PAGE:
SHANGHAI, Aug 10 (SMM) – This is a roundup of global macroeconomic news last night and what is expected today.
The dollar index jumped 0.54% to 95.61 overnight as investors bet global trade tensions and a robust US economy would continue to support the currency. Better-than-expected data on US initial jobless claims and generally rising producer prices also helped the dollar hold its gains.
LME base metals closed mixed on Thursday. Aluminium slumped 2.2%, lead and nickel dropped over 1%, zinc edged down while copper and tin inched up. SHFE metals also saw mixed trading. Copper rose 0.3%, tin gained 0.25% while zinc dipped 0.14%. Nickel lost 0.54%, lead shed 0.65% and aluminium went down 0.85%.
China’s producer price index (PPI), a gauge of factory gate inflation, rose 4.6% in July from a year earlier, compared with an acceleration of 4.7% in June, data from the National Bureau of Statistics showed on Thursday. On a monthly basis, the PPI rose 0.1% in July, compared with a 0.3% growth in June.
The consumer price index (CPI) rose 2.1% from a year earlier in July, faster than June's 1.9% growth. On a monthly basis, the CPI rose 0.3% in July after it edged down 0.1% in June.
The core consumer price index, which strips out volatile food and energy prices, rose 1.9% in July, unchanged from June's pace.
US producer prices were unchanged in July for the first time in seven months as a modest increase in the cost of goods was offset by a drop in services, but underlying producer inflation continued to push higher.
The Labor Department said on Thursday the reading in its producer price index for final demand followed a 0.3% increase in June. On a yearly basis, the PPI advanced 3.3%, slowing after June's 3.4% increase. Economists had forecast July’s PPI increasing 0.2% month on month and rising 3.4% year on year.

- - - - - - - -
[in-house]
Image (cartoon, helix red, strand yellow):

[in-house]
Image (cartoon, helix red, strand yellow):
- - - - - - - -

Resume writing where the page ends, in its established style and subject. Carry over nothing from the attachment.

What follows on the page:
A key gauge of underlying producer price pressures that excludes food, energy and trade services rose 0.3% for the second straight month in July. On a yearly basis, the so-called core PPI increased 2.8% after rising 2.7% in June.
The number of Americans filing for unemployment benefits fell unexpectedly last week, suggesting that a strong economy was helping the labour market weather ongoing trade tensions between the US and other countries.
Initial claims for state unemployment benefits slipped 6,000 to a seasonally adjusted 213,000 for the week ended August 4, the Labor Department said on Thursday.
Key things to watch today include China’s total social financing and M2 money supply in July, US consumer inflation in July and Baker Hughes data on US weekly oil-rig count.